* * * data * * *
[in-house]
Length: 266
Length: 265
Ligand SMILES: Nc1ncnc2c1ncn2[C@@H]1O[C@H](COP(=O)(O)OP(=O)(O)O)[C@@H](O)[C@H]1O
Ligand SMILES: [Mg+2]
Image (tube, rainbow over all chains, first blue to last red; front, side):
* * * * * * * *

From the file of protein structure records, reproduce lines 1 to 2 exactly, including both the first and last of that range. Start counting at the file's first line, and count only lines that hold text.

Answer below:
[in-house]
Length: 266